Abdul Kalam was an Indian scientist who served as the 11th President of India from 2002 to 2007. He was born and raised in Rameswaram, Tamil Nadu, and studied physics and aerospace engineering.
He spent the next four decades as a scientist and science administrator, mainly at the Defence Research and Development Organisation (DRDO) and Indian Space Research Organisation (ISRO). He was intimately involved in India’s civilian space program and military missile development efforts.
He thus came to be known as the Missile Man of India for his work on the development of ballistic missiles and launch vehicle technology. He also played a pivotal organizational, technical, and political role in India’s Pokhran-II nuclear tests in 1998, the first since the original nuclear test by India in 1974.
Kalam was elected as the 11th President of India in 2002 with the support of both the ruling Bharatiya Janata Party and the then-opposition Indian National Congress.
Widely referred to as the “People’s President,” he returned to his civilian life of teaching and writing after a single five-year term. He was a recipient of several prestigious awards, including the Bharat Ratna, India’s highest civilian honor.
Kalam was born on 15 October 1931 in a Tamil Muslim family in the pilgrimage town of Rameswaram on Pamban Island, then in the Madras Presidency, and now in the State of Tamil Nadu.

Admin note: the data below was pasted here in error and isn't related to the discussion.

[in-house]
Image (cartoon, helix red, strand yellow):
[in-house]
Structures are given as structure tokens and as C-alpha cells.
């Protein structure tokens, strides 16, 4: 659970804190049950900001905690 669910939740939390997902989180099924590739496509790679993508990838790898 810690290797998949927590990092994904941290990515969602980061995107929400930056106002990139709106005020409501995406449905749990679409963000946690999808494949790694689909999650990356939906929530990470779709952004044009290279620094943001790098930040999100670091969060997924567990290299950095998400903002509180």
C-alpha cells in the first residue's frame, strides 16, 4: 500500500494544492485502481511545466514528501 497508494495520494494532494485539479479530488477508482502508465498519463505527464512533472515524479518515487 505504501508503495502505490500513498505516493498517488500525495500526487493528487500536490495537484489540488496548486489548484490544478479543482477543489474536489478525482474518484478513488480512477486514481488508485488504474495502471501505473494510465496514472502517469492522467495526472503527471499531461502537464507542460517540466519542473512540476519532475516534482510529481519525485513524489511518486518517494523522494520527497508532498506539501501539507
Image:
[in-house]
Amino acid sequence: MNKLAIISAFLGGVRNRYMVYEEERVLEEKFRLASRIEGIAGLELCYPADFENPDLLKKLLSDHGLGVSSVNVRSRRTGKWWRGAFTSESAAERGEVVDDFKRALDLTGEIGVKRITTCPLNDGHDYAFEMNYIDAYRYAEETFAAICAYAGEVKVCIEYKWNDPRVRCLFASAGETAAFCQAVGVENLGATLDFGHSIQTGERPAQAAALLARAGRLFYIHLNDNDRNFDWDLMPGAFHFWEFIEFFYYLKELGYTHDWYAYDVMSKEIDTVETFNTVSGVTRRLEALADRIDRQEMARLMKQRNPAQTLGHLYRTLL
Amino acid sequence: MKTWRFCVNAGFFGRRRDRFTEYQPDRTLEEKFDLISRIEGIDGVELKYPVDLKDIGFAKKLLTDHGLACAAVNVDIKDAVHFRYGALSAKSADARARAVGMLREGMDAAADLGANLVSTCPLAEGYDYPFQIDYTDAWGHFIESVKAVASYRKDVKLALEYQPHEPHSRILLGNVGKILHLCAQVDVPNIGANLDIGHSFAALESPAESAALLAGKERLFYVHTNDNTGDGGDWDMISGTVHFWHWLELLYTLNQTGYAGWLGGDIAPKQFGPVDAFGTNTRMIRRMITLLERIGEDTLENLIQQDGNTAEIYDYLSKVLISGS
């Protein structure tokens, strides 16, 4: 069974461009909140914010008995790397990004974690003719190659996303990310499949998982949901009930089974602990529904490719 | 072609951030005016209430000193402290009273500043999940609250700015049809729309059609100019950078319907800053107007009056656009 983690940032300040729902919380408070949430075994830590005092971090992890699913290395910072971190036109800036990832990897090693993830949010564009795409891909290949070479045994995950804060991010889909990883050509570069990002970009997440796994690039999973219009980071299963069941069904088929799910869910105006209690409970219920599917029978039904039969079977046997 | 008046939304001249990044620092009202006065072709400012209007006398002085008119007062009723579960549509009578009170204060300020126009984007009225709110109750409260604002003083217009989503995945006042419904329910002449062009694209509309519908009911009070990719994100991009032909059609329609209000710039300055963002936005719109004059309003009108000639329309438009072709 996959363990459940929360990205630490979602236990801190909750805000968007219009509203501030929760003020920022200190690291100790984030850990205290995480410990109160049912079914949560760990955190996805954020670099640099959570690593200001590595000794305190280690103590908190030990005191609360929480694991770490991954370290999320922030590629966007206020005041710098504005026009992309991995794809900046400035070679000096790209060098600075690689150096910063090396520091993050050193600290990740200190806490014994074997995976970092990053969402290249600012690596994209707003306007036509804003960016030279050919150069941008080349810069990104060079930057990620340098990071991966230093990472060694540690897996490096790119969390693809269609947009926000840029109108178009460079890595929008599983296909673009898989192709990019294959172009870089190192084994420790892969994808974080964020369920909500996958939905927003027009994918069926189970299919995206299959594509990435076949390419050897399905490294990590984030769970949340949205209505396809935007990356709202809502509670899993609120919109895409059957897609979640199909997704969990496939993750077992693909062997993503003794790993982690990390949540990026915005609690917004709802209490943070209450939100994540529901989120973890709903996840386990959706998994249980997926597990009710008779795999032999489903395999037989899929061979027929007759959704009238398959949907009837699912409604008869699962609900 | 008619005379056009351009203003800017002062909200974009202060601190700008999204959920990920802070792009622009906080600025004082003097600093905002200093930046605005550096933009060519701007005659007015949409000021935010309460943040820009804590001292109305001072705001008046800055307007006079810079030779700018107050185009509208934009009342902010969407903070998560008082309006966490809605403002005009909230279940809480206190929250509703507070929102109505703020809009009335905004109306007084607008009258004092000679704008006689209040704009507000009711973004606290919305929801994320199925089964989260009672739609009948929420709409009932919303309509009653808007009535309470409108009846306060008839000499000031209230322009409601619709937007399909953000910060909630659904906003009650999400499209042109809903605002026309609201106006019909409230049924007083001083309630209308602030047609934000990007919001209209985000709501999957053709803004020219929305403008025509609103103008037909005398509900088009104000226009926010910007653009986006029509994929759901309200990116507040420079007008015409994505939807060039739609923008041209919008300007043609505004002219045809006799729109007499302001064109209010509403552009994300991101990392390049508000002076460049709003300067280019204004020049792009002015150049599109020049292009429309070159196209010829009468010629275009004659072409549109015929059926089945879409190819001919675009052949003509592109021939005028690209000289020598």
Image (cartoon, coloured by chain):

His father Jainulabdeen was a boat owner and imam of a local mosque; his mother Ashiamma was a housewife. As a boy, Kalam was deeply inspired by the work of scientists like Isaac Newton and Thomas Edison, and he dreamed of becoming a scientist himself.
During his lifetime, Kalam made it his mission to spread the message of the importance of education, especially science and technology, to young people. In one of his famous quotes, he said:
“If we are not able to harness the youth power, it will be difficult for us to win the battle against poverty, disease, and corruption.”
Kalam was always a strong advocate for the empowering role that education and knowledge can play in an individual’s life. In another famous quote, he said:
“Knowledge is power. Information is liberating. Education is the premise of progress, in every society, in every family.”
What did Abdul Kalam say about acquiring knowledge?
Abdul Kalam once said, “Acquiring knowledge is the first step to wisdom, and to be wise is to know how to use knowledge.” He believes that knowledge is the key to success and that one must never stop learning in order to be successful. He also believes that wisdom is knowing how to use knowledge and that it is more important than knowledge itself.
What did Abdul Kalam say about the power of knowledge?
“The goal of education is to prepare students for life and work in a global economy. But education must also instill values that sustain a democratic society.”
“We must give our young people a sense of purpose and instill in them a desire to serve. We must prepare them to be good citizens and good leaders.”
“Our challenge is to provide an education that cultivates critical thinking and creativity, and that prepares our students to be ethical and responsible citizens.”
“We must also prepare our students to be good stewards of the natural environment, and to be responsible global citizens.”
“Education is not a preparation for life; it is life itself.”